Evidence is emerging that banks in the U.S. are struggling to find the money required to fund their operations. The “Fed Funds Rate” that gets the headlines when it is changed by the Open Market Committee of the Federal Reserve is not the whole story when we are looking at the technicalities of the money market. That rate is actually the Fed Funds Target Rate (Upper Bound). You see, the Fed sets an interest rate range, currently between 2% and 2.25%. Every day, banks in America lend and borrow the reserves they hold at the Fed at a rate which fluctuates in between that range. That rate is called the Fed Funds Effective rate. If there is increasing demand for money from banks, the Effective Fed Funds rate will drift higher. Contrary to popular belief, therefore, the Fed does not control the Fed Funds rate.
In this video we run through the free weekly email newsletter “The Top 5 Charts of the Week” and add a bit of extra comments and context. It’s a useful tour across some of our latest work and thinking and just a great selection of global macro/market charts.
This week we look at the following charts and themes:
1. Global PMI vs Bond Yields – the composite manufacturing PMI is pointing to a possible move lower in bond yields.
2. Developed Market PMIs – gone from synchronized strength in 2017 to asynchronous apathy in 2018.
3. Global trade growth (EM vs DM) – EM growth is accelerating whereas DM growth is softening. #divergence
4. Global equities death cross – the main global equity benchmark (ACWI) has put in a death cross (bear market warning sign), and now 80% of countries have seen this signal triggered.
5. US Margin Debt warning sign – this risk management indicator is starting to light up, so caution is advised.
The good news? US GDP rose 3.5% QoQ, even though Personal Consumption was lower than expected at 3.6% and lower than September’s growth.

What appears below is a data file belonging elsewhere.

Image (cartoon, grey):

The bad news? New home sales fell 8.9% MoM in October.
New home sales declined 12% YoY, tied for the worst reading since 2011.
By Tim Knight
Two days left this month, and two days until the summit. Tickety-tock.
As I mentioned earlier today, my speculation on Monday that more “bear pain” was ahead turned out to be agonizingly accurate. The speculative chart I offered back then was:
And we blew through that entire yellow zone and then some. Indeed, let’s take a hard look at the updated chart, since I’ve got a few points to make about it.
By Otto Rock
You can rant or giggle at this blog’s contents as much as you like, it’s not where the real work goes on round these parts. This from The IKN Weekly IKN496, out on Sunday evening. I’ve been asked by a couple of subscribers to put it on the open blog and yeah, why not. Here you go.
Mexico: The new mining law and the changing scenario around mining
The main political risk news story out of the region last week is the very same we previewed last Sunday, a closer look into what we can expect from the new AMLO government for the Mexico mining sector. At the time last Sunday I expected to preview some of the potential negatives in the pipeline, but events overtook me and last week we saw a range of Mexico exposed mining stocks take steep dives on the political newsflow. Examples:
However, not all Mexico exposed miners were whacked hard, or even at all, compared to the benchmarks. More examples:
The Smart Money Flow Index, measuring the movement of the Dow in two time periods: the first 30 minutes and the last hour, has just declined AGAIN.
The Smart Money Flow Index, like the DJIA, has been around for decades. But it has just fallen to the lowet level since 1995.
By Rob Hanna
While the SPX closes higher on Tuesday, NYSE breadth was weak – both from an % Up Issues and % Up Volume standpoint. This triggered the study below from the Quantifinder. I also discussed it in last night’s subscriber letter.
Here we see numbers suggesting a substantial bearish edge over the next 1-4 days. Below is the full list of instances and their 4-day returns.
By Kevin Muir
The other day President Trump tweeted the following: